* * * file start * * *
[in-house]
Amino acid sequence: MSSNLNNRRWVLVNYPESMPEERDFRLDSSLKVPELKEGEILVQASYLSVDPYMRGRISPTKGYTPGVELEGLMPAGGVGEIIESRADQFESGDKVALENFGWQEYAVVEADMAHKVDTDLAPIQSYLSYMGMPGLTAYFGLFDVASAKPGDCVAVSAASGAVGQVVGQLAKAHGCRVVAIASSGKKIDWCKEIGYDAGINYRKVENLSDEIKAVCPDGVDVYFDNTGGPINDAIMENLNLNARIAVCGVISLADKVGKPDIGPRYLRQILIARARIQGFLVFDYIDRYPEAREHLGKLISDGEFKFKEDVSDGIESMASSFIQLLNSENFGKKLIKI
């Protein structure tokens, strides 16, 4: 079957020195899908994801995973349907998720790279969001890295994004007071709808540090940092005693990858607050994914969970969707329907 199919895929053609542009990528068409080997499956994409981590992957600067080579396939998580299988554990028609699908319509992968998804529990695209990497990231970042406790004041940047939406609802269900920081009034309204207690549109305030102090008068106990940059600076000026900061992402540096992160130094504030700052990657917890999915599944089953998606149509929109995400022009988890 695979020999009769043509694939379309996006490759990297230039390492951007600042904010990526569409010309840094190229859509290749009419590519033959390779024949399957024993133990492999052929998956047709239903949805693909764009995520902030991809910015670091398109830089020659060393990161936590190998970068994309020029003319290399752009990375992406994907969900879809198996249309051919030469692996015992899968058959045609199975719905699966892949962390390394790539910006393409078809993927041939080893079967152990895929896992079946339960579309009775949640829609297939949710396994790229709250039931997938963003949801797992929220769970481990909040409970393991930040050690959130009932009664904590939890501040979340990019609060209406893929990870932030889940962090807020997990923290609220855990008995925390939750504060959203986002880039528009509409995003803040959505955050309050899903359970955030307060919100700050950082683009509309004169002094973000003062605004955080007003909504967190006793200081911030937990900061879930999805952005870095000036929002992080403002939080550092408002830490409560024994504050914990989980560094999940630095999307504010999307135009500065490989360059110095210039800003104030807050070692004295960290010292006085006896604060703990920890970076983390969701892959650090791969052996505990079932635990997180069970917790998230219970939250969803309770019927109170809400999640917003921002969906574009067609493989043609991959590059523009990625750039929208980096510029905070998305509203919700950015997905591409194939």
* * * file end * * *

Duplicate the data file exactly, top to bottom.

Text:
[in-house]
Amino acid sequence: MSSNLNNRRWVLVNYPESMPEERDFRLDSSLKVPELKEGEILVQASYLSVDPYMRGRISPTKGYTPGVELEGLMPAGGVGEIIESRADQFESGDKVALENFGWQEYAVVEADMAHKVDTDLAPIQSYLSYMGMPGLTAYFGLFDVASAKPGDCVAVSAASGAVGQVVGQLAKAHGCRVVAIASSGKKIDWCKEIGYDAGINYRKVENLSDEIKAVCPDGVDVYFDNTGGPINDAIMENLNLNARIAVCGVISLADKVGKPDIGPRYLRQILIARARIQGFLVFDYIDRYPEAREHLGKLISDGEFKFKEDVSDGIESMASSFIQLLNSENFGKKLIKI
């Protein structure tokens, strides 16, 4: 079957020195899908994801995973349907998720790279969001890295994004007071709808540090940092005693990858607050994914969970969707329907 199919895929053609542009990528068409080997499956994409981590992957600067080579396939998580299988554990028609699908319509992968998804529990695209990497990231970042406790004041940047939406609802269900920081009034309204207690549109305030102090008068106990940059600076000026900061992402540096992160130094504030700052990657917890999915599944089953998606149509929109995400022009988890 695979020999009769043509694939379309996006490759990297230039390492951007600042904010990526569409010309840094190229859509290749009419590519033959390779024949399957024993133990492999052929998956047709239903949805693909764009995520902030991809910015670091398109830089020659060393990161936590190998970068994309020029003319290399752009990375992406994907969900879809198996249309051919030469692996015992899968058959045609199975719905699966892949962390390394790539910006393409078809993927041939080893079967152990895929896992079946339960579309009775949640829609297939949710396994790229709250039931997938963003949801797992929220769970481990909040409970393991930040050690959130009932009664904590939890501040979340990019609060209406893929990870932030889940962090807020997990923290609220855990008995925390939750504060959203986002880039528009509409995003803040959505955050309050899903359970955030307060919100700050950082683009509309004169002094973000003062605004955080007003909504967190006793200081911030937990900061879930999805952005870095000036929002992080403002939080550092408002830490409560024994504050914990989980560094999940630095999307504010999307135009500065490989360059110095210039800003104030807050070692004295960290010292006085006896604060703990920890970076983390969701892959650090791969052996505990079932635990997180069970917790998230219970939250969803309770019927109170809400999640917003921002969906574009067609493989043609991959590059523009990625750039929208980096510029905070998305509203919700950015997905591409194939």